CORAL SPRINGS, Fla. - After sharing the blue line for the past two seasons while playing for the USA Hockey National Team Development Program, Max Gildon and Tyler Inamoto believed they'd finally be going their separate ways.
The defensive duo had not only broken into the United States Hockey League (USHL) together during the 2015-16 season, but also teamed up to help Team USA win gold at the 2017 IIHF U18 World Championship in Slovakia.
But as they prepared to head to separate colleges in the fall, both expected the 2017 NHL Draft in Chicago would be the place where the memories stopped, a fitting end to their fortuitous friendship and the start of new, separate chapters on their respective journeys to the NHL.
The Florida Panthers had other plans.
On the second day of last weekend's draft, the Panthers selected Gildon in the third round (66th overall) and Inamoto in the fifth (133th overall), ensuring that the careers of both players would remain intertwined for the foreseeable future.
"It's unbelievable," said Inamoto, who is committed to play at the University of Wisconsin. "I had the opportunity to play with Max for two years and we became pretty close. I think from now until then we're going to continue to be great teammates and great friends. We're going to do our best out there and try to contribute to the Panthers the best we can."
As the first one to be drafted, Gildon had already been through the post-selection media gauntlet (interviews, photos, etc.) by the time the Panthers were on the clock in the fifth round. Watching all of the draft action from Florida's suite at the United Center, the Plano, Texas native admits to letting out a huge sigh of relief after hearing Inamoto's name called.
"I was really excited," said Gildon, who is heading to the University of New Hampshire. "It was definitely a little bit of a relief knowing that I'll have a familiar face with me while I experience all this. I was actually waiting for him up at the suite. He came up and I gave him a big hug. I was really happy for him."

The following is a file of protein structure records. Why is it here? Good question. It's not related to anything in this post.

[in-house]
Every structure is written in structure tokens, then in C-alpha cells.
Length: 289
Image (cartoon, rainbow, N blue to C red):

On Tuesday, Gildon and Inamoto were on the ice together again, suiting up for their first-ever NHL development camp at the Panthers IceDen in Coral Springs.
"We're just excited for what the future holds," Inamoto said after his first day of on-ice drills. "We've been teammates for the past two years and it was really fun getting to know him. He's going to UNH so we're not going to be able to see each other much now. But when we do play for the Panthers, it's going to be a great reunion and we're definitely going to keep in touch."
With an imposing 6-foot-2, 196-pound frame, Inamoto takes pride in his physical approach to the game of hockey. The 18-year-old rearguard tallied 13 points (2-11-13) in 51 games with the USNTDP while also posting seven points (2-5-7) in 17 games with the club in the USHL in 2016-17.
"Ever since we've been able to start hitting, I've just really taken to that part of my game," said Inamoto, grinning. "If the other team's scared of you, it's easy to play against them. I think intimidating the other players is part of my game and I really like to do it.
"Really, it's just an honor being drafted by this organization. I think their team is going to be really good soon. I'm going to try my best to develop as a player and as a person and come in and hopefully contribute to the team one day."
For Gildon, who stands 6-foot-3 and 187 pounds, offense is nearly as important as defense. In 2016-17, the 18-year-old had 25 points (7-18-25) in 53 games with the USNTDP and 14 points (5-9-14) in 26 games with the club in the USHL.
"I'd love to develop my defensive side even more," Gildon said. "I want to be someone coaches can rely on, an all-around defenseman. That's what I kind of strive for."
At the U18 World Championship, Gildon was easily one of the tournament's most-productive players, amassing six points (4-2-6) in seven games to help ensure that both himself and Inamoto would be taking home the gold.
"It was unbelievable," Gildon said of the tournament. "After two years of hard work together we finally got to accomplish our goal. It was really fun."
As for future goals, Inamoto and Gildon can now look forward to reuniting every summer throughout their collegiate careers at Florida's development camp, with the hope that one day they'll have the opportunity to once again patrol the blue line together as teammates.
"You can kind of share the burden a little bit," Gildon said of his relationship with Inamoto going forward. "You share the same experiences, the same problems and the same rewards."